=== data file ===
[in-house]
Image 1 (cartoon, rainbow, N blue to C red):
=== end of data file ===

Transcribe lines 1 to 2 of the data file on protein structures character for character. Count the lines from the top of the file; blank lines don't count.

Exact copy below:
[in-house]
Image 1 (cartoon, rainbow, N blue to C red):